The hot topic in sport
With temperatures edging 30 degrees on Saturday and Sunday, both rugby union and rugby league matches at Casino and Lismore were sensibly stopped at quarter-time to allow players an extra rest and a chance to gulp some water.
With Monday’s maximum a stunning 36 degrees in Lismore, Southern Cross University senior lecturer in sports and exercise science and sports management, Rudi Meir, warned of the potential harm football players in particular could face if heat like this continues over the next few weeks.
Meir is also the strength and conditioning coach of the Mullumbimby rugby league club but has previously worked professionally with league and rugby clubs in Australia, South Africa and Europe.
“I have recorded players who have lost 3kg to 4kg during a match. Obviously on the weekend I wasn’t weighing players but I have no doubt that some players would have lost about 2kg to 3kg,” Meir said.
“In simple terms, when someone loses about 2 per cent of their body mass – remember for a player weighing 100kg that’s 2kg – that can definitely have a detrimental affect to their performance.
“If a player loses 3 per cent to 4 per cent of their weight than can be worse with potential adverse affects to decision-making skills plus it can become a stress to the cardiovascular system.
“As a player becomes more dehydrated the blood thickens making it harder for the heart to pump blood and this causes more stress and strain.”
An extreme outcome could see a player lose consciousness and lapse into a coma which happened in an ARL (which became the NRL) match in the early 1990s. Sports Medicine Australia rates heat stroke as a life-threatening condition.
Worryingly, according to Meir, it can also take some players up to three days to replace the weight they lose on the field.
“If a player loses 2kg to 3kg of fluid or more and they need to replace that and they use fluids such as beer which can add to the dehydration affect, a player could go to bed still dehydrated and then the next day go to work outdoors and then lose more.
“They could still lose more if they go to training on Tuesday night and it can become a vicious cycle.”
Meir said to combat the extreme heat Mullumbimby players had been given a checklist to help prepare for a game.
“Whenever there is a break in play we have been telling players to take a drink to help top themselves up,” he said.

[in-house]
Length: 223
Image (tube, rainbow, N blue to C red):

“The last few weeks we’ve been telling them to drink three-to-four litres of water 24 to 48 hours before the game so they are hydrated.
“Before the game, after the warm-up, we get the players to put their head under the shower to cool down and so that some water runs down their back.
“When they come off we give them ice water and wet towels to put over their heads and across the back of their necks.
“If there was a quarter-time break it would help them. We’ll (Mullum) be discussing it and the NRRRL (Northern Rivers Regional Rugby League) need to come up with a directive that uses common sense and confers with both teams before the games.”
According to Sports Medicine Australia, which has produced a set of guidelines for sport in hot weather, competitors may produce 15 to 20 times the heat they produce at rest, which can raise the core body temperature by one degree for every five minutes of exercise if no temperature-regulating mechanisms are activated.
A person’s normal core temperature is 37 degrees but if this rises to 40 the risk of injury is significant. If it rises to 41 degrees it is dangerous.
NRRRL president Robin Harley said the league had not entertained the thought of starting this weekend’s semi-finals later in the afternoon or evening to beat the heat.
“At this stage we’ll just have to put up with it,” he said.
“We’ve never really run into this situation before but we will probably suggest to the clubs what their options are for these games.”
When asked if the match should be broken up into quarters, Harley said it was a possibility.
“Playing in this heat will favour the teams with extra fitness,” he said.